Government would not be allowed to spend more than it takes in, banks would not be allowed to lend more money than they have ownership of, and the Fed would be abolished.
Instead, those in the regulation camp want to patch a million misguided pieces of legislation that should not even exist, and worst of all they expect Barney Frank to get it right.
One model has been tried and failed a million times. One model has never been tried.
Yet misguided souls want more of the model guaranteed to fail. Quite frankly it is preposterous.
Mike “Mish” Shedlock
Global Economic Analysis
How Can America Create Wealth If Our Industrial Base Is Destroyed? 50,000 Manufacturing Jobs Have Been Lost Every Month Since 2001
Any economy that constantly consumes far more wealth than it produces is eventually going to be in for a very hard fall. Many point to relatively stable GDP numbers as evidence that the U.S. economy is doing okay, but the truth is that we have had to borrow increasingly massive amounts of money to keep GDP numbers up at that level. The U.S. government is going to run an all-time record deficit of about 1.65 trillion dollars this year and average household debt in the United States has now reached a level of 136% of average household income. But borrowing endless amounts of money and consuming massive amounts of wealth with that borrowed money is a road that leads to economic oblivion. The only way to have a healthy economy in the long run is to create wealth. But how can America create wealth if our industrial base is being absolutely destroyed? According to Forbes, the United States has lost an average of 50,000 manufacturing jobs per month since China joined the World Trade Organization in 2001. Hundreds of formerly thriving industries in the United States are being totally wiped out. China uses every trick in the book to win trade battles. They deeply subsidize their domestic industries, they openly steal technology, they blatantly manipulate currency rates and they allow their citizens to be paid slave labor wages. So yes, the products coming from China are cheaper, but in the process tens of thousands of factories in the U.S. are shutting down, millions of jobs are being lost and the ability of America to create wealth is being compromised.
In 2010, the U.S. trade deficit was just a whisker under $500 billion. Much of that trade deficit was with China.
During 2010, we spent $365 billion on goods from China while they only spent $92 billion on goods from us.
Does a 4 to 1 ratio sound like a “fair and balanced” trade relationship to anyone out there?
Our trade deficit with China in 2010 was the largest trade deficit that one country has ever had with another country in the history of the world.
In fact, the U.S. trade deficit with China in 2010 was 27 times larger than it was back in 1990.
Needless to say, that is not a good trend.
Our industrial base and our ability to create wealth is being wiped out so rapidly that it has now become a very serious threat to our national security.
According to Forbes, there is only one steel plant inside the United States that is still capable of producing steel of high enough quality to meet the needs of the U.S. military, and even that plant has been bought by a European company.
Meanwhile, China produced 11 times as much steel as America did last year.
Not only that, China is now the number one supplier of components that are critical to the operation of U.S. defense systems.
How in the world did we let that happen?
So what happens if we have a conflict with China someday?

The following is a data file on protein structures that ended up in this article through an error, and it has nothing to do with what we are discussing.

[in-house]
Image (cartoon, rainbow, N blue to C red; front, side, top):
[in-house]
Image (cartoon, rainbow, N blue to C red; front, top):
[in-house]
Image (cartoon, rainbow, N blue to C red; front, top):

But of more immediate concern is the loss of jobs that the destruction of our industrial base is causing.
For example, the Ivex Packaging Paper plant in Joliet, Illinois just announced that it is shutting down for good after 97 years in business. 79 good jobs will be lost. Meanwhile, China has become the number one producer of paper products in the entire world.
But China is not just wiping the floor with us when it comes to things like steel and paper.
The truth is that China has now become the world’s largest exporter of high technology products. Back in 1998, the United States had 25 percent of the world’s high tech export market and China had just 10 percent. Ten years later, the United States had less than 15 percent and China’s share had soared to 20 percent.
So how is China doing it? Well, as noted above, they are pulling every trick that they can think of.
Most Americans think that we have “free trade” with nations such as China. That is a complete and total lie and anyone that believes that we have “free trade” with China does not know what they are talking about.
China subsidizes their domestic industries to such an extreme extent that many global industries no longer even come close to resembling “free markets” as a recent story in Forbes noted….
According to a story in the January 20, 2009 New York Times, government subsidies so thoroughly disrupted pricing in the global market for antibiotics that many western producers had to either move facilities to Asia or exit the business entirely. The reason this might matter to intelligence analysts is that the last U.S. source of key ingredients for antibiotics — a Bristol-Myers Squibb plant in East Syracuse, New York — has now closed, leaving the U.S. dependent on foreign sources in a future conflict.
Our politicians and our business leaders have pursued economic policies that are so self-destructive that it defies explanation.
How in the world could anyone be so stupid?
Since 2001, over 42,000 U.S. factories have closed down for good. Millions of jobs have been lost. The ability of the once great American economic machine to create wealth has been neutered.
The business environment in America is completely and totally pathetic at this point. The number of small businesses that are being created is also way, way down.
According to the U.S. Census Bureau, only 403,765 small businesses were created in the 12 months that ended in March 2009. That was down 17.3% from the previous year, and it was the smallest number of small businesses created since records began being kept in 1977.
The truth is that the U.S. economy is dying.
We continue to consume about the same amount of wealth that we always have, but our net worth is declining.
According to the Federal Reserve, more than two-thirds of Americans have seen their net worth decline during this economic downturn. In fact, the Fed says that between 2007 and 2009, the wealth of the average American family declined by 23%.